As we approach the holiday season, brands will be competing for the attention of customers and every single interaction will be crucial. So what can they do to make the most of their interactions, or what I like to call “atomic moments of truth?”
Let’s begin by examining a typical atomic moment of truth. A fan of your brand posts a tweet one evening in early December that her daughter’s holiday wish list is growing, and she doesn’t know where to begin: a #stressedmommy. If you’re able to recognize this instance where a customer is engaged and has a problem that you can solve, then you can take what you know about them, for example where they live, presence of and age of children in their household, past purchase behavior and contact information, and engage that customer and create a meaningful brand experience. You can do this by delivering a personalized e-mail communication, at that very moment, that offers gift ideas, a special online coupon/offer and an invitation to an exclusive, in-store holiday shopping event.
Or maybe you don’t recognize this interaction at all. Rather, you send this customer a standard marketing e-mail first thing the following morning, when her inbox is flooded with communications from dozens of other brands. You don’t stand out. You don’t impact behavior. You miss your opportunity.
Consumers are communicating all the time, with brands and with each other. They may be looking for information, generating feedback from their peers, commenting on products or brands and, of course, making purchases both online and offline. These tiny decisions are all examples of atomic moments of truth. And every one of them is an opportunity for a brand to understand and impact engagement and experience, and to create value for a customer (and for a brand) – or to destroy it.
I use the word “atomic” to describe such moments because the word has two meanings here. “Atomic” describes the scale of matter down to the smallest level as well as its ubiquity. Atoms also contain volatile energy that can be constructive or destructive.
A good example of the destructive nature of an atomic moment of truth is customer feedback. Customers can share their opinions with the world via social media, forums and across the Web. This raises the stakes in terms of how brands respond to customers and work to resolve issues and appease concerns.
In the context of marketing, how a brand responds when confronted with an “atomic moment of truth” can make or break a brand. These moments are happening 24/7, online and in-store, and it is up to the brand to deliver value, forge deeper customer relationships, potentially gain new customers and foster long-term growth.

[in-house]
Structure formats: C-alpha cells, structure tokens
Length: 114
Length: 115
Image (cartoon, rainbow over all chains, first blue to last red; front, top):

Historically, marketing has been campaign-centric, but that concept is now obsolete.
Marketers can reach a multitude of new customers with a single click, an e-mail, a post or a tweet. While technology alone can’t produce great marketing, great marketing today depends on the strategic use of technology and data to uncover even the tiniest customer insight or opportunity to make deeper connections and add value.
Here are some of the basic foundations a brand must have in place to be able to manage atomic moments of truth:
- Identification. Being able to identify and understand a consumer’s identity can come from consumer authentication in a channel by using a cookie match, or by relying on other techniques to understand and identify consumers.
- Intelligence. Understanding customers as they communicate with or about your brand. This information can come via sources such as third-party data or your own interaction and customer records such as what page of your website they visited and past purchase behavior.
- Data management. Having deep stores of data is necessary, but so are the tools for brands to be able to make decisions based on that data in real time.
- Content management. Creating and managing content and channel-agnostic distribution.
- A clear record of interactions. Each and every atomic moment of truth is created by, and in turn, creates new data. Brands must figure out how to collect information customers are generating with every interaction and then use it to feed the next interaction in a positive way.
Having all of these elements in place to identify and manage atomic moments of truth across all customers and channels is an enormous task that requires a good amount of capital investment in systems and technologies. But those two challenges are not excuses to do nothing. The equity of your brand and business depends on it.
Andy Frawley is president of Epsilon and the author of “Igniting Customer Connections” (Wiley).